PHL 201 Lecture Notes - Lecture 8: Moral Luck

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Kant’s principle of humanity
Always treat human being, including yourself, as ands, and never as mere means
1. Gets many cases right.
2. Gives a plausible explanation of why certain actions are right or wrong.
3. Universal human right.
1. Vague
2. We might not be autonomous (do we have free will)
3. Inconsistent with moral luck
4. Can’t explain why beings that lack rationality or autonomy are worthy of respect.
(Babies, animal)
Moral luck Circumstances outsides of your control affect whether or not you did the right
Mill’s Utilitarianism Motives, intentions, desires, emotions are all irrelevant to the rightness
of an action
Kant’s Theories Intentions may be relevant to rightness, but emotions and desires aren’t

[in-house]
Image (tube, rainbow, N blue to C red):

Aristotle’s Theory Intentions, desires, emotions are all relevant to the rightness of an action.
Virtue Theory An act is morally right just because it is one that a virtuous person, acting in
character, would do in that situation.
Emotions play a number of important roles
1. Right emotion is an aspect of virtue
2. Moral Understanding and action
A. Can help us see what is morally relevant (empathy)
B. Can help us see what is right or wrong without us knowing why
C. Can help motivate us to do the right thing
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